A Nevada DMV spokesman says the federal government offer giving states another 18 months to begin complying with stiff requirements of the Real ID Act sounds better than it is.
"It's pretty hollow," said Tom Jacobs, public information officer for the department.
State officials have complained bitterly that the act was put in unrelated legislation for the troops serving in Iraq at the last minute, without even a hearing and without anyone knowing it was there.
It imposes tough and expensive requirements on all states requiring they make everyone prove who they are and that they are legally in the U.S. before they can be issued a driver's license. That means not only making every driver come to DMV to be re-licensed but making them find documents such as original Social Security cards and birth certificates.
The requirements, which will cost Nevada alone an estimated $66 million, were to begin in 2008 and be completed by 2013. They are designed to help catch terrorists and illegal aliens.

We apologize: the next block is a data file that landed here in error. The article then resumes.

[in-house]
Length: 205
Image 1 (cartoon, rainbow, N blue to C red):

Nationwide, the cost could exceed $11 billion.
Jacobs said that while Congress and the Bush Administration agreed to delay the start of the Real ID requirements up to 18 months, they didn't extend the completion date.
"So all an 18-month extension would do is give us three-and-a-half years to complete it instead of five years," he said. "Implementation to completion would just be shorter."
Jacobs said the other part of the offer is allowing states to use up to 20 percent of their Homeland Security grant money for Real ID.
Jacobs said that doesn't increase the money coming to the state; that it just takes money from other projects being funded through Homeland Security.
"We were asking for money from another pot, not the money the state is already getting," he said. "Allowing DMVs to seek part of the money the state is already getting for Homeland Security is just taking bread out of somebody else's mouth."
Jacobs said the problem with Real ID is it's time consuming, expensive and complicated.
"We're looking for Homeland Security to give us the money, the time and the flexibility to make this thing real," he said.
• Contact reporter Geoff Dornan at firstname.lastname@example.org or 687-8750.